In Chattanooga, there was a café near the pedestrian bridge I used to frequent. Over the counter hung a tasteful painting of several women sitting on the grass in the nude engaged in conversation. Seemingly staring back at anyone looking at the painting was a small blue dog with yellow eyes that didn’t quite belong in the scene. Every time I went into the café, I was mesmerized by the painting and the dog. Finally, one day, I asked to speak to the owner. I was told the owner was seldom there and the lady asked if there was any way she could help me. I told her that I was interested in buying the painting. She smiled kindly into my then very young face and gave me an art lesson on the first George Rodrigue original Blue Dog that I had seen to date. Needless to say, I don’t own one. Many years have passed since that first encounter. I have visited a showing of his work featured in a traveling exhibit in Memphis, and I’ve been to the Rodrigue Studio in New Orleans that focuses on nothing but the blue dogs. Rodrigue interjected his beloved, deceased pet into a Cajun folktale to create what’s become a now iconic symbol.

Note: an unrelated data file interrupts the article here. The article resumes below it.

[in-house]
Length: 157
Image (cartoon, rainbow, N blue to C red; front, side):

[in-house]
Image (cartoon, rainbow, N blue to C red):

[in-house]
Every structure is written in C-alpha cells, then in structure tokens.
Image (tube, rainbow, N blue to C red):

Looking at the Blue Dogs always stirs in me a variety of emotions. At the base of my emotions, there is always an underlying sadness for the separation of the artist and his beloved pet and muse. Animals can stir in their owner’s such devotion. They give unconditional love. I understand this very well, especially since Beasley.
She was so small when we brought her home. Even though her breed was small, she seemed exceptionally small. We wondered if she had been separated from her mother too early, or maybe she was just the runt of the litter. I carried her around constantly. We loved and nourished her, and she returned the favor. We walked her proudly down the sidewalk and laughed as she ran back and forth in and out of the water that would puddle after a rain as though she were a retriever instead of a Westie. She had such personality. She could wrestle forever with our other Westie, and she never neglected to tell any dog large or small within the vicinity that she was the one in charge, just in case there was any doubt in the local canine community.
Beazie had my schedule all figured out and always watched the door when it was time for me to return home. She would greet me with a grin and a rambunctious bark or a longer scolding bark if she felt I’d been gone too long. To relieve stress, some people kickbox, jog or garden. I found gently stroking the softest, white fur ball asleep on my lap a wonderful way to relax before bed, cathartic even, and Beazie was happy to oblige.
This dog taught me how smart and feeling animals can be. She never met a stranger, would dance with anyone even if they had two left feet, and showed great empathy around sadness. I love and miss her every day. Perhaps, Rodrigue’s Blue Dog is so iconic because the love of dog is so universal, as well as the anguish of that unforgettable loss.